Patients commencing buprenorphine treatment for opioid use disorder (OUD) via telemedicine differ from those commencing in person only in being somewhat younger and financially better off, according to a new study.
When the Drug Enforcement Agency temporarily lifted the in-person evaluation requirement for new buprenorphine prescriptions, to accommodate pandemic social distancing, there was concern that it would be disproportionately used by patients with more severe OUD. To test that hypothesis, researchers examined deidentified commercial and Medicare Advantage claims data for buprenorphine inductions from January 1, 2020, to April 30, 2021, comparing patient characteristics of those receiving telemedicine versus in-person inductions.
Of the 2,703 patients who received a buprenorphine induction during the pandemic (defined as commencing April 1, 2020), 13.9% were via telemedicine.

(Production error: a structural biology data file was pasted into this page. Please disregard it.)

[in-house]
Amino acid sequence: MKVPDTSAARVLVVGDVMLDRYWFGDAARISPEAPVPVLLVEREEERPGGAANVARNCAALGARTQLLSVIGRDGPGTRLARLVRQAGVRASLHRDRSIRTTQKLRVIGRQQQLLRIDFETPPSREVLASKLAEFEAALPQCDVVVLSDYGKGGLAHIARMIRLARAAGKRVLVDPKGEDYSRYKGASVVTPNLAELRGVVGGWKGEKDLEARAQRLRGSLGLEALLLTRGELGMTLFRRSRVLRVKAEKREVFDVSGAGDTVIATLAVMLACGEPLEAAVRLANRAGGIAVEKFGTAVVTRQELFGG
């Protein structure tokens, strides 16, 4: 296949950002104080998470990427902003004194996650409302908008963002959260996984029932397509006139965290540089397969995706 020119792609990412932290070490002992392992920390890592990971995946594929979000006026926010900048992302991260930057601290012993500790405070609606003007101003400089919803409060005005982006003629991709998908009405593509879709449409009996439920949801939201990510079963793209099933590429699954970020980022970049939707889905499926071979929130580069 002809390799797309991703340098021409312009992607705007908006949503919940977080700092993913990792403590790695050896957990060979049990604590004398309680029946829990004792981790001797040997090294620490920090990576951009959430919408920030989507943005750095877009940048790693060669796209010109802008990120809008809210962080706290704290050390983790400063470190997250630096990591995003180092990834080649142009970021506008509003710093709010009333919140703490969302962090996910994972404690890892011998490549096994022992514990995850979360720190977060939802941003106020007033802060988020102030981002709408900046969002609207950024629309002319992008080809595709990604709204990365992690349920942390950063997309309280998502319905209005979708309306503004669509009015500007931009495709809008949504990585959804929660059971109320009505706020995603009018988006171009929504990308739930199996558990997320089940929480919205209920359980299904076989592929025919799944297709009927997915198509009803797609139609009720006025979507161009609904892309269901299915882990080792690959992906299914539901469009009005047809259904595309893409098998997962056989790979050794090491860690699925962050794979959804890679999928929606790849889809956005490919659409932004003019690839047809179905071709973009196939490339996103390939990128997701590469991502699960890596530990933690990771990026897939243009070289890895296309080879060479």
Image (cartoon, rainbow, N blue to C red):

“We found no statistically significant differences between patients receiving telemedicine inductions vs in-person inductions in clinical severity and/or complexity markers, nor in whether they had a visit with the induction provider before the induction,” the authors wrote. They did find fewer telemedicine inductions in older individuals and in those from low-income counties.
“Our results may allay concerns stated by the DEA that relaxing the in-person evaluation requirement of the Ryan Haight Act may increase buprenorphine diversion.” The expansion of access to treatment, which telemedicine may provide, “is crucial if we want to maximize pathways of care for patients with OUD, particularly given the ongoing opioid crisis.”
Barsky BA, Busch AB, Patel SY, et al. Use of Telemedicine for buprenorphine inductions in patients with commercial insurance or Medicare advantage. JAMA Netw Open. 2022 Jan 4;5(1):e2142531.